Why isn’t inflation responding to ECB interest rates?

The ECB’s latest rate increase brought the Deposit rate to 3.25% and the cumulative tightening to 375bp over the past ten months. In addition the Bank has also taken steps to reduce the size of its balance sheet and the degree of excess liquidity it is pumping into the euro banking system and from July will stop reinvesting any proceeds from maturing bonds bought under QE. Yet although headline inflation in the euro area has fallen from a peak of 10.6% to the current 7%, that largely reflects base effects from energy prices, with core inflation at 5.6% and showing no clear signs of easing.

The ECB’s policy actions have had a clear impact on credit and the housing market, both through the effect of higher rates on borrowing costs and via a substantial tightening in credit standards from the banking system-indeed the past six months has seen the sharpest tightening since the financial crisis. Yet although the ECB still expects inflation to fall it is clearly concerned about core inflation and noted in its recent monetary statement that in relation to their rate increases ‘ the lags and strength of transmission to the real economy remain uncertain’.

That uncertainty is highlighted in the ECB’s latest Economic Bulletin in a piece setting out the impact of higher rates as captured across three economic models used by the Bank. In one respect it is reassuring for the Governing Council as it shows that inflation does fall substantially in response to higher rates when using the average effect across the models, with the largest impact in 2024 and 2025. It takes time therefore for monetary policy to work, although the BoE and the Fed tend to highlight lags more than the ECB in policy statements.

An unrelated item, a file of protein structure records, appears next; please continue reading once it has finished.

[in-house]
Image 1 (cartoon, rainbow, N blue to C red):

However, the models also show a surprising large variation in how rates affect inflation and the real economy, highlighting the uncertainty surrounding monetary policy in the current environment, where inflation has been driven by supply shocks rather than a credit boom and where a high percentage of existing loans in many countries are at fixed rate. One model, for example, shows inflation falling by 0.8% next year, with another showing a much larger 3.5% fall . The latter also shows a 3.5% fall in real GDP in contrast to the former’s 1.75%.

One result of that uncertainty about the impact of monetary policy transmission to inflation is that the ECB appears to be putting far more emphasis on ‘the incoming economic and financial data (and ) the dynamics of underlying inflation’. So the latest inflation data has a big impact on policy rather than any staff projections of inflation in the future. This raises the risks of a policy error (i.e. tightening by too much and causing a large rise in unemployment ) particularly as the bank claims to be both data dependent but with ‘more work to do’ . At the time of writing the market is priced for rates to peak at 3.75% , or another two quarter point increases , but the majority of Council members would want to see clearer signs that core inflation is on a downward path before becoming comfortable with the idea of that rate as the peak.